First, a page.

September 29, 2006


What happened last night is just so stunning and shameful that it's hard to know how to respond. Is it even possible to feel safe agitating against this law now that the executive has the authority to imprison US citizens indefinitely without trial for "purposefully and materially supporting hostilities against the United States"? And to the extent that the interpretation of this last point is left up to the president, haven't all the rights guaranteed in the Constitution been effectively taken away?

What we have here is the complete evisceration of the rule of law in the United States -- an executive whose consolidation of power is positively Stalinesque. How Bush uses his new power will determine whether he's seen by history as a tyrant or simply a benevolent dictator.

barrett  {September 29, 2006}

It must not really have been important or it would have been on the news this morning, right? Right? And all I saw on the news this morning was information on how you need to drop your first child's pregnancy weight before having a second and a hard hitting expose on how Sesame Street Live! was coming to town for the weekend.

I'm pretty disgusted myself today.

mike  {September 29, 2006}

It's time to start naming names.

Seth Anderson  {September 29, 2006}

Disgusting. And with nary even a peep of a threat of a filibuster by the Dems. A pox on both their houses.

paul  {September 29, 2006}

Yeah, at this point it almost seems like Congress could be dissolved.

And the Dems -- just trying to hold on for the election this fall, but in the process they failed to act decisively against the most important bill to go through there in a generation. Talk about missing the forest for the trees...

barrett  {September 29, 2006}

Seth, from what I understand, the Dems could either offer a bunch of amendments or filibuster. It's not clear a filibuster would have held, and Reid believed he had the votes to attach one or more amendments to the bill.

Kennedy's amendment was the smartest one - it defined a number of behaviors that the U.S. would consider War Crimes if they were performed on an American soldier by a foreign government. Waterboarding, sexual humiliation, use of dogs - all the Abu Ghraib favorites were on the list.

It came close to passing, but got knocked down.

As one poster on another forum put it - better to go down 48-51 against torture than 35-65 against not voting.

There's still the hope the Supremes aren't completely rightist yet and will strike this down on the habeus provision, but it's a very dark day for American moral authority.

Jonathan Versen  {September 29, 2006}

I don't have much hope for the supreme court- they surprise us only rarely in a positive way. Will the three left who helped bring this day to pass reflect on what they've done?

suttonhoo  {September 29, 2006}

some serious suckage. and terrifying.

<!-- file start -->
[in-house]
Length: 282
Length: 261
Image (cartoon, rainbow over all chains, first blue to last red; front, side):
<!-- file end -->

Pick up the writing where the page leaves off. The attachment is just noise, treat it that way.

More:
Haggai  {October 1, 2006}

While the overall performance of the Dems in this instance was pretty weak, it should be fairly clear that at least some of this stuff would not have passed if they were in the majority. The amendment that went down 48-51 wasn't against torture, it was on the habeas issue. Even Lieberman voted with the rest of the Dems on that. Unfortunately, torture itself really does appear to have the support of 2/3 of the Senate. But, control of the Senate (or the House) means a much greater ability to shape the legislation before it ever even comes to a vote on the floor.

paul  {October 1, 2006}

It's so interesting to me that folks are fixated on the torture aspects of this bill. IMHO the torture stuff is really small potatoes compared to the suspension of habeas, especially for American citizens... without habeas, there isn't any due process, and the whole legal system is upended. Technically Bush can disappear anyone he wants now.

Haggai, I think would rather have seen them filibuster this bill and lose in November, if that was the choice (which I dont think it was). The legislation can't be unwritten now without a veto override, which won't happen no matter how well the Dems do next month. Maybe SCOTUS will undo it? But I'm not going to hold my breath.

barrett  {October 2, 2006}

Haggai, you're right, the Kennedy Amendment went down 46-53. The Specter habeus amendment went down 48-51.

Haggai  {October 2, 2006}

Regarding the Geneva conventions, this bill might also have been named the Captain Barbossa Detainee Treatment Act. Recall that in the first Pirates of the Caribbean movie, he invokes the "pirate code" with Elizabath but then goes back on it, telling her that "they're more like guidelines" than rules (the gag comes back later when Elizabeth futilely tries to convince Capt. Jack's crew to help her save him and Will). One could pretty much sum up Gonzalez' memos with that phrase--don't worry about it, they're more like guidelines than rules. Just what out country's always needed, isn't it? Government by pirate movie villains.

Haggai  {October 2, 2006}

out country = our country...pirates aren't known for their spelling either.

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